Hello from Sweden! I’m exactly half way through my time abroad and I’ve already visited many cultural history and folk museums, swerved around sheep napping in the road, taken a course with Per Helldorff at Sätergläntan Institute for Sloyd and Handcraft, visited the farm in Norway that was owned by my great-great-great grandparents, had a crash course in making peeled birch brooms with Ulk Eckardt, hiked Besseggen Ridge (considered by many to be the “most beautiful” hike in Norway), spent a weekend at Täljfest taking workshops from David Fisher, Beth Moen and Helena Åberg, and have over 2,000 photos of objects, places and experiences that I’ve found inspirational.
One of the subjects that has been unexpectedly exciting for me here is the many ways I’ve encountered the intersection of traditional woodworking and broom-making in Norway and Sweden. Coming into the Artisan Development Program, I was mostly making my living as a broom-maker, however I wanted to focus on wood carving and woodturning during my two years in the program. I’ve continued making brooms throughout this time, though, and really enjoy finding ways to incorporate various carving methods and woodworking techniques into broom-making.
Many of the brooms that caught my attention upon arriving are not something that many of us would even consider brooms – they were just a bundle of thin birch branches tied together with another branch that had been twisted to loosen the fibers and make it more pliable. Sometimes these brooms are just bundles of branches a few feet long so one can hold the top of the bundle and barely stoop to sweep the ground with the ends of the branches, but I’ve also seen a few occasions where these bundles have been fastened to a larger stick or dowel to create something a bit closer to what I generally picture when I think of a broom. Brooms made completely from wood!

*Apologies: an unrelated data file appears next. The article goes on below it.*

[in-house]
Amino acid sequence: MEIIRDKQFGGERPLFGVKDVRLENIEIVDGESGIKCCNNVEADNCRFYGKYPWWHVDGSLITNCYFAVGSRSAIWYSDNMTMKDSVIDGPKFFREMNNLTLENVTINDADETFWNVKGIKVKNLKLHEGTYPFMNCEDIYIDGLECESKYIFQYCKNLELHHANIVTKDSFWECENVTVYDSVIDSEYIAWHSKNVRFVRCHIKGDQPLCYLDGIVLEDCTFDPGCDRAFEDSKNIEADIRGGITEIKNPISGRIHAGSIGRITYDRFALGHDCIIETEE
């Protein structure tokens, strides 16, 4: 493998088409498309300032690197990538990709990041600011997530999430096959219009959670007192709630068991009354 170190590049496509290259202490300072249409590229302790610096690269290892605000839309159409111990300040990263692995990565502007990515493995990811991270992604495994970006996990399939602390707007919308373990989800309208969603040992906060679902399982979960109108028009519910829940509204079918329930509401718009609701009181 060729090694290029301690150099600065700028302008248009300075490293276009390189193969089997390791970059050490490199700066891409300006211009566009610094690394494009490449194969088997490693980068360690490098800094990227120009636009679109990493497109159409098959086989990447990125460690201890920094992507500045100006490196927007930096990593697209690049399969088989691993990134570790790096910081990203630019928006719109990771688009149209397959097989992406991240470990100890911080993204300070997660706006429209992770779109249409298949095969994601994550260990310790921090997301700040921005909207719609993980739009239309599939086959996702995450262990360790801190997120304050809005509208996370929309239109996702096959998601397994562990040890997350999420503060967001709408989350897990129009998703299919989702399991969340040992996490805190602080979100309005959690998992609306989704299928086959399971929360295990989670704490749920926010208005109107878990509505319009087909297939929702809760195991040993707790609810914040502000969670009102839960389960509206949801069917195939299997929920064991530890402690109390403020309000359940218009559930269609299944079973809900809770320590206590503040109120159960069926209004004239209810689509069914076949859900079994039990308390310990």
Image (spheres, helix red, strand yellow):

I was trying to explain the main style of floor broom that I make to one of my fellow students at Sätergläntan a couple weeks ago. It took a bit of time, but finally her eyes lit up and she continued on to tell me a story about how, growing up in Sweden, she had never seen a broom that consisted of broomcorn (or another similar fiber) simply tied onto a handle. All of the brooms in her life were more similar to a push broom with the sweeping fibers attached to a horizontal block of wood that was then fastened on the end of a dowel. It wasn’t until she was a teenager when her mother brought back a broom after a trip to the US, that she saw anything resembling what I make. Through our continued conversation about brooms in Sweden, I came to be aware of a company here called Iris Hantverk. This company, in various forms, has been around and making brooms since 1870, and for this entire history, the workforce has consisted of people who are visually impaired. The company is based in Stockholm, so I had the opportunity to visit one of their stores. Nothing was made using broomcorn, but they have a myriad of other fibers that are used, including something referred to as “cereal root,” or “rice root.” My brain quickly jumped to the idea of trying to use wild rice root to make a similar product, but I am fully aware that pulling up a wild rice plant is illegal in Minnesota, so that won’t be happening! I also later found out that it is not actually the root of rice plants, but the root of a grass referred to as “zatacon,” though I cannot find any further information on the Latin name of this so called grass and it’s driving the agrostologist part of me crazy! But in light of this information, the wild rice roots probably wouldn’t have worked anyway. I’m not struck by the machined aesthetics of the wood used in Iris Hantverk brooms, however this method of broom making is completely new to me and I’m hoping to take inspiration from their methods and materials and explore some similar hand-carved versions. A selection of photos from their shop and website are below, and you can also check out the English version of their website, which is very thorough and interesting, at: https://www.irishantverk.se/en. Oh, and they even had broom inspired lighting in their store – the picture is below!